The basic structure of C is that it has states for all possible phone windows of size N-1 (c.f. Phonetic context windows; N=3 in the triphone case). The first state, meaning begin-of-utterance, would just correspond to N-1 epsilons. Each state has a transition for each of the phones (let's forget about self-loops for now). As a generic example, state a/b has a transition with c on the output and a/b/c on the input, going to state b/c. There are special cases at the begin and end of utterance.

At the beginning of utterance, suppose the state is <eps>/<eps> and the output symbol is a. Normally, the input symbol would be <eps>/<eps>/a. But this doesn't represent a phone since (assuming P = 1), the central element is <eps> which is not a phone. In this case we let the input symbol of the arc be #-1 which is a special symbol we introduce for this purpose (we don't use epsilon here as the standard recipe does, as it can lead to nondeterminizability when there are empty words).

The end-of-utterance case is a little complicated. The context FST has, on the right (its output side), a special symbol $ that occurs at the end of utterances. Consider the triphone case. At the end of utterance, after seeing all symbols we need to flush out the last triphone (e.g. a/b/<eps>, where <eps> represents undefined context). The natural way to do this would be to have a transition with a/b/<eps> on its input and <eps> on its output, from the state a/b to a final state (e.g. b/<eps> or a special final state). But this is inefficient for composition, because if it was not the end of the utterance we would have to explore such transitions before finding them pruned away. Instead we use $ as the end-of-utterance symbol, and make sure it appears once at the end of each path in LG. Then we replace <eps> with $ on the output of C. In general the number of repetitions of $ is equal to N-P-1. In order to avoid the hassle having to work out how many subsequential symbols to add to LG, we just allow it to accept any number of such symbols at the end of utterance. This is acheived by the function AddSubsequentialLoop() and the command-line program fstaddsubsequentialloop.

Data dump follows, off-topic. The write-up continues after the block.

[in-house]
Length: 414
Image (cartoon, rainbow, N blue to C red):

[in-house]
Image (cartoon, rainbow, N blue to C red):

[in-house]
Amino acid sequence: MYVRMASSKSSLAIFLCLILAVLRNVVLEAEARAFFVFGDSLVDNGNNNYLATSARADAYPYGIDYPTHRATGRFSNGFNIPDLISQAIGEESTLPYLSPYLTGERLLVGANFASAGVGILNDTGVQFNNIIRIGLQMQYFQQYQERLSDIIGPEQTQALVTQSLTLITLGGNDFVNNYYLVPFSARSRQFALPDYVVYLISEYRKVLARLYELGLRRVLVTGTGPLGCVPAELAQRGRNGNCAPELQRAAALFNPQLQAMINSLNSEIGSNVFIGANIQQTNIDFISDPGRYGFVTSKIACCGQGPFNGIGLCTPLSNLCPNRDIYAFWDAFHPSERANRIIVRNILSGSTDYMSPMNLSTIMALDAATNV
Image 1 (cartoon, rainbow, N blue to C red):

If we wanted C on its own, we would first need a list of disambiguation symbols; and we would also need to work out an unused symbol id we could use for the subsequential symbol, as follows:

 grep '#' data/phones_disambig.txt | awk '{print $2}' > $dir/disambig_phones.list
 subseq_sym=`tail -1 data/phones_disambig.txt | awk '{print $2+1;}'`

We could then create C with the following command (however, see below regarding fstcomposecontext; we don't do this in practice as it is inefficient).

 fstmakecontextfst --read-disambig-syms=$dir/disambig_phones.list \
 --write-disambig-syms=$dir/disambig_ilabels.list data/phones.txt $subseq_sym \
   $dir/ilabels | fstarcsort --sort_type=olabel > $dir/C.fst

The program fstmakecontextfst needs the list of phones, a list of disambiguation symbols and the identity of the subsequential symbol. In addition to C.fst, it writes out the file "ilabels" that interprets the symbols on the left of C.fst (see The ilabel_info object). The composition with LG can be done as follows:

fstaddsubsequentialloop $subseq_sym $dir/LG.fst | \
 fsttablecompose $dir/C.fst - > $dir/CLG.fst

For printing out C.fst and anything using the same symbols that index "ilabels", we can make a suitable symbol table using the following command:

 fstmakecontextsyms data/phones.txt $dir/ilabels > $dir/context_syms.txt